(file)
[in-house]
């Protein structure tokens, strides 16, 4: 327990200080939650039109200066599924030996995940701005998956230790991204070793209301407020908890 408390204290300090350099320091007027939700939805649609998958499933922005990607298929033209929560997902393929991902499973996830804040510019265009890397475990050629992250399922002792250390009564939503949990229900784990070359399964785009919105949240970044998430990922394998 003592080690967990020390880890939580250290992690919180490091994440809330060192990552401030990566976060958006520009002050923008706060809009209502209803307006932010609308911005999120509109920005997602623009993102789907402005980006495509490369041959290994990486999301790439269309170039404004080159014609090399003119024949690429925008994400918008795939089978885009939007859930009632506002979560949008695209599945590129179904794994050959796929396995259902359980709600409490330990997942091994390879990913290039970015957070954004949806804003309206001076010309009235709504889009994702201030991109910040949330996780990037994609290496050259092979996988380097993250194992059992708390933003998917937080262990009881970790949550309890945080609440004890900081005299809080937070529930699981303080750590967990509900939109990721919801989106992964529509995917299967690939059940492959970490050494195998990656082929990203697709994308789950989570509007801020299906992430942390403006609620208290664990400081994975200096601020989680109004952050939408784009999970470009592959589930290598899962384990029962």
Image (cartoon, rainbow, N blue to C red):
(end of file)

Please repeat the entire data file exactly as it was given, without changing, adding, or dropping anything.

[in-house]
């Protein structure tokens, strides 16, 4: 327990200080939650039109200066599924030996995940701005998956230790991204070793209301407020908890 408390204290300090350099320091007027939700939805649609998958499933922005990607298929033209929560997902393929991902499973996830804040510019265009890397475990050629992250399922002792250390009564939503949990229900784990070359399964785009919105949240970044998430990922394998 003592080690967990020390880890939580250290992690919180490091994440809330060192990552401030990566976060958006520009002050923008706060809009209502209803307006932010609308911005999120509109920005997602623009993102789907402005980006495509490369041959290994990486999301790439269309170039404004080159014609090399003119024949690429925008994400918008795939089978885009939007859930009632506002979560949008695209599945590129179904794994050959796929396995259902359980709600409490330990997942091994390879990913290039970015957070954004949806804003309206001076010309009235709504889009994702201030991109910040949330996780990037994609290496050259092979996988380097993250194992059992708390933003998917937080262990009881970790949550309890945080609440004890900081005299809080937070529930699981303080750590967990509900939109990721919801989106992964529509995917299967690939059940492959970490050494195998990656082929990203697709994308789950989570509007801020299906992430942390403006609620208290664990400081994975200096601020989680109004952050939408784009999970470009592959589930290598899962384990029962």
Image (cartoon, rainbow, N blue to C red):